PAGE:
Football child sex abuse:
Ex-Newcastle player Derek Bell
'wanted to kill abuser'
Derek Bell played for Newcastle in the early 1980s before sustaining a serious knee injury in a reserve match
Former Newcastle player Derek Bell says he wanted to kill the coach who sexually abused him during the 1970s.
Bell was groomed and abused by George Ormond between the ages of 12 and 16 while playing for the Montagu and North Fenham boys football club.
Ormond was jailed for six years in 2002 after being found guilty of a string of sexual assaults on young boys.
Bell says he went to Ormond's house in the late 1990s with "a 12-inch knife" but the ex-coach was not at home.
Ormond became involved in youth coaching at Newcastle United around this period before leaving the club, reportedly in October 1998.
Speaking on BBC Radio 5 live Daily, Bell said he was working for a housing department in Newcastle when he spotted Ormond in the grounds of a hostel.
This prompted him to go round to Ormond's house.
"I was going to kill the guy. I thought, 'no, I can't live any more, everywhere I seem to go he's there'," Bell said.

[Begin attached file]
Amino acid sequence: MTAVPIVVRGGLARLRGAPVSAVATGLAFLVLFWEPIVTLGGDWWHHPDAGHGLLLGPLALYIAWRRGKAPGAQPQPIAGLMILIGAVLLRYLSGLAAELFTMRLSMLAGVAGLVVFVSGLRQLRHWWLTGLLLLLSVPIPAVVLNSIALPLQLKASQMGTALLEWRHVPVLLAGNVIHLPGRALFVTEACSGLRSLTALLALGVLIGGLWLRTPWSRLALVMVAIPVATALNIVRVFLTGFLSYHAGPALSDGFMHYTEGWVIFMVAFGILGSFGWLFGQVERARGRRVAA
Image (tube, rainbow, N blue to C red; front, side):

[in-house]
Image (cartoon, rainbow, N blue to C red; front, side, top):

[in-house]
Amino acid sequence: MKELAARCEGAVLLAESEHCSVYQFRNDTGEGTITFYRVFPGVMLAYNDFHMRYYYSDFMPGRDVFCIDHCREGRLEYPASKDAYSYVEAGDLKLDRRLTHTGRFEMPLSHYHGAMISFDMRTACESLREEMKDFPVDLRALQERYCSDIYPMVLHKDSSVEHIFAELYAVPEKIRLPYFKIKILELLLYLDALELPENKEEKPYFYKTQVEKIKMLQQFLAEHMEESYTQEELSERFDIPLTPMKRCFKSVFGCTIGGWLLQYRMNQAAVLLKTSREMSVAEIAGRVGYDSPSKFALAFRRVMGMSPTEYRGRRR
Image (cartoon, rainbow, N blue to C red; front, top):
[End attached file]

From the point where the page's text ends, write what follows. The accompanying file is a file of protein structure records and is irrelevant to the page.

"This brought back all the memories to the forefront of my head, and I wanted to kill the guy.
"I went to his house with a 12-inch knife hidden in my pocket, and I kicked his door in. Luckily for him, that evening, he wasn't in."
Bell, who played for Newcastle in the early 1980s, says Ormond subjected him to "horrific, horrific" abuse on "hundreds" of occasions.
After going round to Ormond's house with a knife, Bell returned "a couple of days later" with a hidden tape recorder in an attempt to expose his crimes.
He added: "I just asked him the questions 'Why, why, why?' What was his motivation to find a need to constantly abuse me, threaten me, bribe me, befriend my family?
"And not one time did he say he was sorry. He just said 'I don't know why'. His main aim was 'you're not going to tell the police, are you?'"
Bell added that the effects of the abuse led him to attempt to take his own life on three occasions and be sectioned until the Mental Health Act.
"I've come forward to raise awareness and help victims who are coming forward," he said.
"I've been through the court system, I've been through different things, so if I can give people help and support... be brave, don't be ashamed."
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